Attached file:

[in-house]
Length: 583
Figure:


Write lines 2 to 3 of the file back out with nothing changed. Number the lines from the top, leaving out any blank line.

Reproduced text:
Length: 583
Figure: